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03-23-2009, 09:55 PM #1
Heaven On Earth passed by censors without a single cut
By Subhash K. Jha, March 23, 2009 - 16:00 IST
Deepa Mehta Deepa Mehta's Heaven On Earth was in censor trouble. The censor board asked her to drastically reduce scenes of domestic violence and to beep out a couple of expletives.
Deepa no stranger to censorship, refused. "I told them I won't make a single cut. And they were welcome to give me an 'A' certificate if they wanted. They agreed. Not a single shot from Heaven On Earth (HOE) has been removed."
Deepa is appalled by the double standards in censorship. "Correct me if I'm wrong. But another film Provoked had scenes of domestic violence. And Jennifer Lopez in Enough or Julia Roberts in Sleeping With The Enemy were shown to be far more graphically violated than Preity in Heaven On Earth. Comparatively my film has very little on-screen violence. We've just one sequence of domestic violence."
And Deepa wouldn't let it be touched. "I refused to let them cut a single moment from it. Luckily my distributor Ravi Chopra was with me. He too would settle for no cuts. He said so many films with so much more violence get a 'U' certificate. Films showing irrelevant gratuitous violence get passed. But when in Heaven On Earth we show what happens behind closed doors we're told to cut it out. No way! You've horrific stories of young girls being beaten up and abused in Mangalore and Mumbai. If I make a film about it they'll see these things can't be shown."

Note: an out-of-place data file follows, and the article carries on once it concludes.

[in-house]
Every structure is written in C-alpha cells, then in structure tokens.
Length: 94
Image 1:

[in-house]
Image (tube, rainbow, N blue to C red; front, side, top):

Says Deepa, "The violence in HOE is not manipulative. Wives are physically abused in front of the whole family. Children grow up thinking there's nothing wrong in beating up women and little girls who witness their mothers being battered actually believe getting beaten up is their destiny."
About the expletives Deepa laughs, "We've a whole recent history of Hindi films filled with maa-bahen ki gaali. The kid in Heaven On Earth says the 'f' word twice once when his mother tells him to fasten his seat belt. How shocking is that!"
Sighs Deepa, "I'm tired of the hypocrisy in censorship. You know, in the days when Asha Parekh was the censor chief they passed my Fire without a single cut and with a 'U' certificate. The objection to the film came from the Shiv Sena. And now when there's rampant violence against women I was asked to cut it down. I said I'd rather not screen the film in India."
03-23-2009, 09:56 PM #2
- Join Date
- Dec 2008
thanks alot dear